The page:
In 1864, to ensure that Czech Jewish children learned proper German, a German Jewish school was founded, with two classes. Based on an application from the Jewish community, it was classified by a decree of the Royal and Imperial Governor and the Bishop's Commission as a public school equivalent to the local Czech public school. It was located at no. 65[9] in rooms that were completely unsuitable. In the first year, the total number of pupils in both classes was 40.

Based on a law of 14 May 1869, the public school was reclassified as a private school. In 1875 the Jewish community again applied for public status for the school and, after several delays, it was again reclassified on 7 January 1877.

In 1876, due to the large intake of pupils, it was necessary to have two classes on the first floor, which was enlarged by the demolition of a wall. In that year, 91 children were enrolled, 72 of them Jewish and 19 Catholic. Teaching materials and a school library were purchased with contributions from the Jewish community and from collections (one in 1876 brought in 39 guilders and 55 crowns). Beginning in 1874/1875, each new pupil had to pay 50 crowns as an enrollment fee for the same purpose.

On 12 April, the Jewish community bought house no. 70, a former tannery, and rebuilt it for use as a school. The house cost 3,294 guilders and 46 crowns and the rebuilding cost a further 1,059 guilders and 40 crowns a total of 4,351[10] guilders and 86 crowns. In this way, the school acquired new and more suitable premises. The new school was ceremonially opened on 15 July 1882 in the presence of many guests, including among others the Catholic Minister, P. Kašpar[11].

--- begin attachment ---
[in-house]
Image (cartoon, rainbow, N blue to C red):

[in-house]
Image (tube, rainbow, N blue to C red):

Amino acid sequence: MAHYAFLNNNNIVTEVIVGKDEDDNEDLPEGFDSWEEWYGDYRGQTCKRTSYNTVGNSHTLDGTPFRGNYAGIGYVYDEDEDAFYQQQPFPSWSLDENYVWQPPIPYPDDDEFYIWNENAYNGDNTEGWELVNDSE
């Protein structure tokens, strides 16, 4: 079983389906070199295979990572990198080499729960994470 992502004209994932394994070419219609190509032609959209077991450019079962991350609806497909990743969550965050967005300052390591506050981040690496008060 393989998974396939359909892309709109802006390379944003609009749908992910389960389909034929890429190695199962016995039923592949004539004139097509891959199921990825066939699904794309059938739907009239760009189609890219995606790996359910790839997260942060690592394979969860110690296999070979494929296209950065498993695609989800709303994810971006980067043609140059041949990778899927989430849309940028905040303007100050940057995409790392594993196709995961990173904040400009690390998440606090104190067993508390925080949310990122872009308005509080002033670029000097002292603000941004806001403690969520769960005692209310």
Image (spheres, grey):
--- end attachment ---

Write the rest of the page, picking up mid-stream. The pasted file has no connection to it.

The school did not have school holidays as we might expect, but tuition continued throughout the year. School holidays were first introduced in the school year 1883/1884, covering the period from 22 August to 1 September, i.e. one week.

The school reached its highest number of pupils in 1878, with 96 students; in 1897/1898 it was down to just 35. It was therefore decided in that year to close down the school. This was not carried out, but the school was reduced to one class from 1898/1899. In the same year, Rabbi Josef Adler gave up his position as schoolmaster. He was followed by Josef Schneider from 1899 to 1901 and finally L. Heim from 1901 to 1905.

Since 1890, all pupils have been Jewish, and their numbers have continued to fall. In 1903/1904, there were just 21 pupils and some of them even left the school during the school year. The school lost its significance and the community representatives dissolved it, as is witnessed by the final entry in the school records: “The representatives of the Jewish Community decided at the regular meeting on 5 August 1905 to dissolve its German school. This has happened and the records have been handed over to the Royal and Imperial Steward in Ledeč and, despite strong resistance, the school has been dissolved.

Signed in Dolní Kralovice on 8 August 1905
Josef Stein, Mayor”

The schoolmasters were:

The following teachers were employed:
Between 1895 and 1898 František Žalák, from the local Czech general school, taught Czech.

The memorial book of the German school in Dolní Kralovice, which is the source of this information, is well-preserved and written in clean and readable script. It is written in German, with the exception of the last note concerning the disestablishment of the school which is written in Czech. In the introduction, warden Löwy Kleinzeller is indicated as the founder of the book. He also wrote most of the text up until 1883. Records from 1884-1889 were written by the school warden Rabbi Josef Adler, in the period 1900-1901 by Josef Schneider and the remaining records were written by by L. Heim.